3. An emergency on my part is an emergency on your part. Paraphrasing: My “prior planning” was to let up-staters die. You’re worthless; a waste of resources. Besides, you probably voted Republican.

You know… Back when NYUNSAFE passed, I recall a few misgivings from cops who didn’t look forward to being sent to confiscate arms in up-state NY. I hope the NGs give that some thought.

And should one or two up-staters die for lack of ventilators because more important NY City folk had them, I doubt that any Las Vegas oddsmaker will make book on Cuomo’s life.

If you found this post useful, please consider dropping something in my tip jar. I could really use the money, what with ISP bills, and general life expenses. And the rabbits need feed. Click here to donate via PayPal.
(More Tip Jar Options)

Some States Aren’t Shutting Down! The Sky Is Falling!

I see Jason Silverstein is a New Yorker who hasn’t grasped relative population density.

42 states now have stay-at-home orders for coronavirus. These are the 8 that don’t.
It may seem like the entire United States is shutting down and staying indoors due to the coronavirus pandemic. But some parts of the country are still holding off.

With the exception of South Carolina, which is a comparatively extreme outlier, those states are low population density region which are inherently “social distanced,” and — as you noted — have very few COVID-19 cases.

Let me put this in perspective with examples closer to home for both of us.

New York City: 27,751 people per square mile.

Camden County, GA: 86.5 people per square mile.

1 sq mi = 27,878,399.996383 sq ft.

Camden County averages 322,294 sq ft per person even without “social distancing.” That’s an average “social distance” circle with a diameter of 102,589 ft. In NYC, you have to work to get 6 ft of spacing. In Camden County, we have to work to get that close (I managed it twice 12 days ago).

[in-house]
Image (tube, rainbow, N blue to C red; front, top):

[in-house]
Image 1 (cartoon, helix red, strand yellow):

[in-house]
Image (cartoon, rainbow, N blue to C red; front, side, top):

Now, Wyoming on your list has a population density of 5.97 people per square mile: 4,669,749 sq ft per person. That’s a 1,486,429 diameter circle per person, on average. When I was out there, I went weeks without seeing another soul without trying.

The biggest city in Wyoming is Cheyenne; population density 1,990.14/sq mi. An average 4,459 ft diameter circle per person.

NYC? You’ve got 1005 sq ft per person. Around here, we call that a “tiny house.”

As of 4/4/2020, 8:25AM EDT:

South Carolina, #24
1,700

Arkansas, #35
738

Iowa, #37
699

Nebraska, #45
279

North Dakota, #48
173

South Dakota, #47
187

Utah, #28
1,246

Wyoming, #49
166

Given the population densities in those states, anyone not in a COVID-19-positive person’s immediate family has to work to get exposed to a known case. By comparison, NYC residents would have had to try hard to avoid exposure, and by all reports, few made the effort. Silverstein shouldn’t judge other states by the poor lifestyle and location choices of New Yorkers.

If you found this post useful, please consider dropping something in my tip jar. I could really use the money, what with ISP bills, and general life expenses. And the rabbits need feed. Click here to donate via PayPal.
(More Tip Jar Options)

HOAs Behaving B/a/d/l/y/ Criminally

I’ve seen some bad HOA reports, but this one takes the cake house.

“As a result of your actions, we will be invoking section II, Article 4 of the Bylaws, which allows the Board to foreclose on any property that is in violation.
[…]
If you are an owner, you or your tenants must vacate the property by April 30, 2020. You will still be responsible for any liens on your property, including mortgages.

Attorneys, please weigh in. I think I see a few issues here.

1. First off, the eviction notice appears to violate Tennessee eviction law, which I understand requires allow the resident an opportunity to “cure” the alleged offense, not to mention certain time frames (and specific reasons which don’t seem to include working from home in an emergency).

2. The HOA will “foreclose”? The HOA is the mortgage holder? That seems unlikely, as buyers normally get their own mortgages from whomever will give them the best rate.

3. Now, if the HOA believes that working from home during a pandemic somehow damages the Association so badly that they are entitled to these homes in recompense, wouldn’t they need to file a lawsuit and win, first?

4. If the HOA is the mortgage holder, and can theoretically foreclose, even that must follow state and federal law. This appears not to.